Oct. 18, 2021

Blast from the Past: a karaoke origin story, written in 2011

Blast from the Past: a karaoke origin story, written in 2011

I found an old blog post from a forgotten blog I tried to run a decade ago. Since we've referenced this time on the show, I figured I'd post a slightly edited version to kick off the blog portion of our page here.




“I cannot name this / I cannot explain this  And I really don’t want to / just call me shameless / I can’t even slow this down / let alone stop this / and I keep looking around / but I cannot top this” – Ani Difranco, “Shameless.” Dilate. Righteous Babe Records, 1996.

I’m not sure where a lack of shame ends, and No Shame begins.

That’s actually not entirely true.  No Shame began in Indiana, Pennsylvania over a dozen pints of Guinness and little slips with our names written on it.

Wearing something like this in public probably indicates having no shame better than the image on the shirt itself.

While I was in graduate school, I was working part-time at a video store to pay for incidental expenses.  The manager who hired me had just left, and was replaced by a tall, lanky kid that was equal parts excitable puppy and dead baby jokes.  This, of course, meant our personal relationship would supersede any kind of business connection.

What can I say? I like puppies and dead baby jokes.

Adam was new in town.  He knew a few people who were in the undergraduate program. I made sure he met some people in the graduate department via our weekly Texas Hold ’em tournament and various bar related activities.  At the time, I was the Social Director for the English Graduate Organization, a position I thought of as an excuse to make academics drink.  Not surprisingly, the department was split into two types–studious homebodies and outgoing type A personalities.  That spring semester, the former outnumbered the latter, which meant our weekly social event was often sparsely attended.

Honestly, I didn’t mind that.  Being Social Director was taxing. I much preferred the private nights, like the poker game, where I was only obligated to be nice to the people to whom I wanted to be nice.  The nights that I started events, I often didn’t finish them–once I got the ball rolling, I felt I had done my due diligence.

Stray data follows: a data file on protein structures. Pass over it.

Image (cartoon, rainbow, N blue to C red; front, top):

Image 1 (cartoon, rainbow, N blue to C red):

So, one night, sitting around Culpepper’s with six of my closest acquaintances, my phone blinks “Karaoke. Coney. Now.”  It was an easy call.  I had done karaoke a few times with my NYC nerd friends, and enjoyed it, so the choice of spending time with someone I genuinely liked versus people I had to pretend to like? No contest.

Also, Guinness was on special that night, I think. I will definitely cross a street for discounted Guinness.

Or Guinness that isn’t discounted.

Karaoke quickly became a weekly routine.  Then, a biweekly routine.  Eventually, we began looking like warbling, drunken versions of Renton and Sick Boy.  DJ Jammin’ Jim, our regular karaoke DJ after the Coney stopped having it regularly, became our Mother Superior, to continue that Trainspotting allusion. Quickly, we became known entities on the karaoke scene in Indiana–Adam, for doing amazing Johnny Cash songs that often got our drinks paid for, and me for, um… enthusiasm? Gregariousness? A sense of “hey, if that guy can do it, then so can I, right?”

It is not an exaggeration to say that this time spent drinking with Adam and being obnoxious in public radically altered my life, for better and for worse.  Hell, right now my relationship with karaoke has lasted longer than my marriage did, come to think about it.